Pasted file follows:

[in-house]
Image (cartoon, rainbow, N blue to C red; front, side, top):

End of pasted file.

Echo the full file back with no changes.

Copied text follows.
[in-house]
Image (cartoon, rainbow, N blue to C red; front, side, top):